Seed potatoes are different from potatoes used for eating because they are grown specifically for planting to produce more potatoes. Usually smaller than grocery store potatoes, seed potatoes are often treated with a product to guard against fungus and mildew. Also, seed potatoes are not washed or prepared for human consumption.
Seed potatoes go through a process where they are certified by the state where they originated. The certification process is to prevent bacterial and fungal problems from spreading from one farm to another. Not only are the seed potatoes coming from each farm inspected, but the equipment is also inspected. Because potato diseases can live in the soil for several years, it is a good idea to buy certified seed potatoes, if possible. All sales literature from the place they are purchased or ordered will show that the seed potatoes are certified.
Check for Disease
Even if the seed potatoes are certified, you must carefully inspect see potatoes you are purchasing for disease. Look for soft spots or damp blackened areas on the potatoes. Seed potatoes are naturally dirty, so you must look carefully for any problems. The skin of the seed potatoes should be smooth with no scab-like growths or unusual deformities. Do not accept seed potatoes that are split or cracked, as this usually signifies nematode damage.
Choosing Correct Variety
It is important to choose a variety that grows well in your area. There are many different varieties of seed potatoes to choose from, and choosing can be difficult. There are red, white, yellow and even purple varieties of seed potatoes. The best place to find out the best variety of seed potatoes to plant in your area is to contact your local County Agricultural Extension Office. Every county in every state in the United States has an extension office that can assist you in not only choosing the best variety of seed potato to plant, but where to buy certified seed.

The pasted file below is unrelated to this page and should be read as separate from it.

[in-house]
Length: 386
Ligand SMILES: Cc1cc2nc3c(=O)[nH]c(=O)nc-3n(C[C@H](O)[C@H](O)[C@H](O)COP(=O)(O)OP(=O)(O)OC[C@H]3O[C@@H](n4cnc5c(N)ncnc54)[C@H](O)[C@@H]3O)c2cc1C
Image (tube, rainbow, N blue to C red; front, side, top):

While everyone loves fresh new potatoes from the garden, you may have difficulty storing a large amount of potatoes if you grow too many. Every variety of potato produces a different amount of potatoes per plant, but you should expect an average three to five potatoes for each seed potato planted. You can divide the potatoes before planting or plant the entire tubers depending on the size of the seed potato. Each section or seed potato should have at least three viable eyes or sprouts before planting. For a 100 foot row, you need to buy eight to 12 lbs. of certified seed potatoes.